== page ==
I bring all this up because, well, we’ve been away from regular human contact for a bit and while we were, I feel like tempers have gotten shorter. I know mine did for awhile this past year. And, too, our world has gotten scarier and more uncertain thanks to a pandemic and politicians that leave much to be desired. I’m not even thrilled with the people I voted for, much less the ones I didn’t. I imagine that others feel the same way. All that lack of practice on our social skills and the heightened tension may make for some challenging times ahead as we get used to being with people again. I hope we won’t need this, but why not start your year off on the right foot and look at Lifehacker’s suggestions for how to talk your way out of a bar fight. Trust me on this one, fellahs. The pretty girls would rather go home with the guy who avoids the trouble than the guy who starts OR ends it. Just ask my wife!

This post originally appeared on Use Your Words!


Advice from your Uncle Jim:
"Character consists of what you do on the third and fourth tries."
   --James Michener

12/12/2020

I Just Keep Getting Older

Filed under: About The Author — Posted by the Network Geek during the Hour of the Snake which is mid-morning or 10:00 am for you boring, normal people.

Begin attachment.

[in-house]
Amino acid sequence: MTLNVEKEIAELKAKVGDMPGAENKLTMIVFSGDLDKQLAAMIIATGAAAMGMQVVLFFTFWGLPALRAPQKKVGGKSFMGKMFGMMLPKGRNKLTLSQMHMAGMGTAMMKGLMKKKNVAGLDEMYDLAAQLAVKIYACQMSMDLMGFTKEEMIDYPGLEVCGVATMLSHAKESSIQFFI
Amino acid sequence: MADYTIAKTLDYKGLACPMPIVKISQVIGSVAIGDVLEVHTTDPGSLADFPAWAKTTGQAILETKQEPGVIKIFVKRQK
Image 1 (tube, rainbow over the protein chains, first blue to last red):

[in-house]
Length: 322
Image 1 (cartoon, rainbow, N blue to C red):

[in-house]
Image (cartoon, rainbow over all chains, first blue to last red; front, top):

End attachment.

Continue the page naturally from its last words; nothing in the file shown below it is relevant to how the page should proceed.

The moon is Waning Crescent

Which is better than the alternative!

Considering that I wasn’t entirely sure I’d live past forty, it’s a pleasant surprise to find that I’ve survived to fifty-two. It’s been a hell of a year. The whole world has suffered from a plague this year, but I’ve had my own troubles beyond that. I lost my father in July, just a week after his 91st birthday. Then, three months later, to add a bit of insult to injury, I passed a 7mm kidney stone. Nineteen years ago, I passed a 9mm stone, so I suppose I should be grateful that this one was smaller, but it did hurt quite a bit more passing than I remember the first one hurting. At least, it was a distraction from missing Dad. I still go to call him sometimes, only to suddenly remember that he won’t be there to pick up the phone. So, instead, more often than not, I talk to Mom, who is still here.